2. A chance for new teams to shine
Believe it or not, this will be the first time since 1993 that we’ll have a postseason that doesn’t feature either the Yankees or the Red Sox. Of the 19 playoffs since — there were, of course, none played in 1994 — 10 of them featured either New York (7) or Boston (3) advancing to the World Series.
That means that for the first time in two decades, the two AL East giants won’t be sucking all the air out of October, and while baseball’s broadcast partners may not agree — the Yankees and Red Sox generate ratings, of course — this is a very good thing for baseball. It’s a much-needed opportunity to get some new faces and names in the national spotlight, and to remind everyone of some great baseball cities that haven’t had this opportunity in a long time.
Take Baltimore, for example, a wonderful baseball town that hasn’t been to the World Series since 1983, and recently went 14 years between playoff appearances. Washington hasn’t seen a World Series since the old Senators were there in 1933. It’s been since 1985 for Kansas City, their only appearance, and 1990 for the Oakland Athletics. Even the Dodgers are working on 26 years since they last made it. Sure, there’s Detroit and St. Louis around too, both with multiple recent trips to the Series, and maybe they’ll ruin it all for us and become the final two teams again. But at least this year, there’s a sense that it’s different, or that it could be.
With some of baseball’s biggest young stars in the mix, like Kershaw, Trout, Bryce Harper, Adam Jones, etc., this should be a great chance for some fresh and exciting matchups.
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3. At least a little offense
This one is going to be a bit more difficult to come by, because offense is down all across baseball this year. Major League Baseball is getting on base at a mere .314 pace, the lowest since 1972 and one of the 10 lowest marks in the last 100 seasons. Strikeouts are up, runs are down, and pitchers are more dominant than ever.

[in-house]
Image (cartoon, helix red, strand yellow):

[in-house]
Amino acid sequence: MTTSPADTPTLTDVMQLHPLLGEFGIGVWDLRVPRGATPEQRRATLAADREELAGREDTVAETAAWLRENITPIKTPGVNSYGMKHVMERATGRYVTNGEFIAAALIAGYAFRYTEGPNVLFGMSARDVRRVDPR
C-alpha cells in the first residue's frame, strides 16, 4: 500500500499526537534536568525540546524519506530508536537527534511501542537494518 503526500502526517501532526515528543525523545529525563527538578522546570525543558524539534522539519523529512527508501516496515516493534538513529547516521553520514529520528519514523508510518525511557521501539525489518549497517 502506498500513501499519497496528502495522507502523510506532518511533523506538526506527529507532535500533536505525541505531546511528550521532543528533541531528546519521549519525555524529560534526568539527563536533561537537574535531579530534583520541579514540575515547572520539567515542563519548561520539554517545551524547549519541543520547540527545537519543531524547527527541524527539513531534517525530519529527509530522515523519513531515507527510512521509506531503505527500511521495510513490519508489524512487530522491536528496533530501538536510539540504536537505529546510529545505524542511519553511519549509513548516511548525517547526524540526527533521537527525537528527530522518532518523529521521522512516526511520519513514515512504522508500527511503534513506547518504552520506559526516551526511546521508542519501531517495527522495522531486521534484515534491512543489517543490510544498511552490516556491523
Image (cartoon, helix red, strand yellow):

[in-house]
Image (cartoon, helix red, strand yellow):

That’s a trend that tends to be exacerbated in the playoffs, for some easy to understand reasons. With more days off between games, teams no longer need to use their back-end starters in October, giving more starts to their best pitchers. Without needing to worry about coaxing additional innings out of their starters to save their bullpen arms, managers are free to make matchup decisions as they like, and there’s no more “giving a kid a chance” because these aren’t the dog days of August. If you’re still playing in October, you’re playing to win.
That’s too bad, really, because most of the best memories of playoff baseball have been offensive ones. You remember Joe Carter’s walkoff homer to win the 1993 World Series, and Derek Jeter’s disputed “Jeffrey Maier” homer against the Orioles in 1996, or Luis Gonzalez’ series-ending hit for Arizona in 2001. It’s great to see an elite pitcher dominate, of course, blowing hitters away, and surely we’ll see that as well. But someone has to score, at some point, and with offense down, runs will be at a premium.
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After the longest season in big league history — don’t forget, the Dodgers and Diamondbacks got things started all the way back on March 22 in Australia — we’re finally getting to the good stuff: The playoffs. This is the time of the baseball year where legends and memories are made — think Derek Jeter and all of his countless nicknames — and just as fun, where everyone is watching the same game. Say goodbye to the nights of 10 simultaneous games happening in favor of the entire baseball spotlight being on one game at a time, and in the age of Twitter, it really does feel like you’re watching a playoff game with a few thousand of your closest friends.
That’s been a lot of fun over the last few years, especially when you remember some of the standout moments that have happened, like the disputed interference call at third base in last year’s World Series, the Giants steamrolling the Tigers in 2012, or the Rangers coming within one strike — twice! — of a title in 2011. This year, we’ll have the added twists of expanded instant replay and the controversial catcher blocking rule, both looming out there to fix an injustice, or, depending on your outlook, create one.
So what do you want to see in October? There are so many fun possibilities, a few of them that we definitely expect to happen. But today we’re looking at three, in particular. After this season, we deserve these. Here are 3 Things We Want to See Happen in the 2014 Baseball Playoffs.
Follow Mike on Twitter at @mike_petriello